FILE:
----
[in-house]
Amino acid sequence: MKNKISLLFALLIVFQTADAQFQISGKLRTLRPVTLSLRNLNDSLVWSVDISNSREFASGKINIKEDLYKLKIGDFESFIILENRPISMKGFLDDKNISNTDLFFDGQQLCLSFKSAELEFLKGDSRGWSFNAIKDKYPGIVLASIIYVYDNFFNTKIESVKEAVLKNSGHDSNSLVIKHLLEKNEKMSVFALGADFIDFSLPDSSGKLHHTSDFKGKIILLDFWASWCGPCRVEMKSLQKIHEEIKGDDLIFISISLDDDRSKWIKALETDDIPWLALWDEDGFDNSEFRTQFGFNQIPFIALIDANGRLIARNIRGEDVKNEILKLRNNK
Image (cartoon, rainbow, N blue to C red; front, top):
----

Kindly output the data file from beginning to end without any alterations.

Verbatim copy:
[in-house]
Amino acid sequence: MKNKISLLFALLIVFQTADAQFQISGKLRTLRPVTLSLRNLNDSLVWSVDISNSREFASGKINIKEDLYKLKIGDFESFIILENRPISMKGFLDDKNISNTDLFFDGQQLCLSFKSAELEFLKGDSRGWSFNAIKDKYPGIVLASIIYVYDNFFNTKIESVKEAVLKNSGHDSNSLVIKHLLEKNEKMSVFALGADFIDFSLPDSSGKLHHTSDFKGKIILLDFWASWCGPCRVEMKSLQKIHEEIKGDDLIFISISLDDDRSKWIKALETDDIPWLALWDEDGFDNSEFRTQFGFNQIPFIALIDANGRLIARNIRGEDVKNEILKLRNNK
Image (cartoon, rainbow, N blue to C red; front, top):